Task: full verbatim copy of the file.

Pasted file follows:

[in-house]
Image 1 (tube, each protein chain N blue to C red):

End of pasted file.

[in-house]
Image 1 (tube, each protein chain N blue to C red):